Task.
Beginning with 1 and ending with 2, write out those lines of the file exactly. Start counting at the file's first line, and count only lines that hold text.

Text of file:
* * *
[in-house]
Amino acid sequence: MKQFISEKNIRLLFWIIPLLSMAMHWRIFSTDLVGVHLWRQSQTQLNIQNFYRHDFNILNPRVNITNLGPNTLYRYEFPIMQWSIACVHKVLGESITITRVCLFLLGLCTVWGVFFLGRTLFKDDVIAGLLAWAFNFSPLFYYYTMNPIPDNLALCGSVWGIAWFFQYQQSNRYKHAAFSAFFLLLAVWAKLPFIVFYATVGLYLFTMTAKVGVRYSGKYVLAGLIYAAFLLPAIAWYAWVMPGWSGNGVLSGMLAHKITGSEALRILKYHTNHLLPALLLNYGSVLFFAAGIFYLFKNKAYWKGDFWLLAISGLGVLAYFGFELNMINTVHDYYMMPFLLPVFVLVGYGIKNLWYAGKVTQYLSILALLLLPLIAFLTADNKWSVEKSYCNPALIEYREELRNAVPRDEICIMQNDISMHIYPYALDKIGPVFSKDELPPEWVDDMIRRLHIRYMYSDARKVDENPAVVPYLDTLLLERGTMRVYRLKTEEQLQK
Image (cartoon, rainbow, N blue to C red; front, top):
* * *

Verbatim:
[in-house]
Amino acid sequence: MKQFISEKNIRLLFWIIPLLSMAMHWRIFSTDLVGVHLWRQSQTQLNIQNFYRHDFNILNPRVNITNLGPNTLYRYEFPIMQWSIACVHKVLGESITITRVCLFLLGLCTVWGVFFLGRTLFKDDVIAGLLAWAFNFSPLFYYYTMNPIPDNLALCGSVWGIAWFFQYQQSNRYKHAAFSAFFLLLAVWAKLPFIVFYATVGLYLFTMTAKVGVRYSGKYVLAGLIYAAFLLPAIAWYAWVMPGWSGNGVLSGMLAHKITGSEALRILKYHTNHLLPALLLNYGSVLFFAAGIFYLFKNKAYWKGDFWLLAISGLGVLAYFGFELNMINTVHDYYMMPFLLPVFVLVGYGIKNLWYAGKVTQYLSILALLLLPLIAFLTADNKWSVEKSYCNPALIEYREELRNAVPRDEICIMQNDISMHIYPYALDKIGPVFSKDELPPEWVDDMIRRLHIRYMYSDARKVDENPAVVPYLDTLLLERGTMRVYRLKTEEQLQK